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Last Updated: 24 August 2014

Mine Action

Contamination and Impact

The Kyrgyz Republic is contaminated by mines, although the precise locations and extent of the residual threat are not known. According to the Minister of Defense, contamination in the southern Batken province bordering Tajikistan and Uzbekistan, the result of mine use by Uzbekistan’s military between 1999 and 2000, was cleared by Uzbek forces in 2005.[1] It was reported, however, that rainfall and landslides had caused some mines to shift.[2]

In 2003, Kyrgyz authorities estimated that Uzbek forces had also laid mines around the Uzbek enclaves of Sokh and Shakhimardan located within Kyrgyzstan. Press reports have suggested that Uzbek troops partially cleared territory around the Sokh enclave in 2004–05 and that they had completely cleared mines around the Shakhimardan enclave in 2004.[3]

Kyrgyzstan has admitted using antipersonnel mines in 1999 and 2000 to prevent infiltration across its borders, but has claimed that all the mines were subsequently removed and destroyed.[4]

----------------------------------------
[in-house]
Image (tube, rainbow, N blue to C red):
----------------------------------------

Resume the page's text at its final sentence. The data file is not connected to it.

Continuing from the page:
Mine Action Program

Kyrgyzstan has no functioning mine action program.


[1] Fax from Abibilla Kudaiberdiev, Minister of Defense, Ministry of Defense, dated 4 April 2011.

[2] See, for example, Yuri Yegorov, “Uzbekistan agrees to remove minefields along its border with Kyrgyzstan,” Eurasia Daily Monitor, Vol. 1, Issue 41, 29 June 2004.

[3] Sultan Zhimagulov (Bishkek) and Olga Borisova (Tashkent), “Kyrgyzstan Tries to Defend Itself from Uzbek Mines,” Navigator (Kazakhstan), 14 March 2003; and “Borders are becoming clear,” Blog.

[4] Statement of Kyrgyzstan, Standing Committee on the General Status and Operation of the Convention, Geneva, 8 May 2006; and Letter 011-14/809 from the Ministry of Foreign Affairs, 30 April 2010.